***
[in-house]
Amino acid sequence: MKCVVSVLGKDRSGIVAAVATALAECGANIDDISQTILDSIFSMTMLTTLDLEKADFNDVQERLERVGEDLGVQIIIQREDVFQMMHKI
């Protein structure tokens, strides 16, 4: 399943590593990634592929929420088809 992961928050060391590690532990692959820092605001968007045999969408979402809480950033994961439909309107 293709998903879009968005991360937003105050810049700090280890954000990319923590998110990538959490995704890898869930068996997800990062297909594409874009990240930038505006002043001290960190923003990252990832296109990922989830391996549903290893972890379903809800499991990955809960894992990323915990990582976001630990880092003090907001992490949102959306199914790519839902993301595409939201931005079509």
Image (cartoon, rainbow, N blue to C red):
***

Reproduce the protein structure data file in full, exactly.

[in-house]
Amino acid sequence: MKCVVSVLGKDRSGIVAAVATALAECGANIDDISQTILDSIFSMTMLTTLDLEKADFNDVQERLERVGEDLGVQIIIQREDVFQMMHKI
């Protein structure tokens, strides 16, 4: 399943590593990634592929929420088809 992961928050060391590690532990692959820092605001968007045999969408979402809480950033994961439909309107 293709998903879009968005991360937003105050810049700090280890954000990319923590998110990538959490995704890898869930068996997800990062297909594409874009990240930038505006002043001290960190923003990252990832296109990922989830391996549903290893972890379903809800499991990955809960894992990323915990990582976001630990880092003090907001992490949102959306199914790519839902993301595409939201931005079509």
Image (cartoon, rainbow, N blue to C red):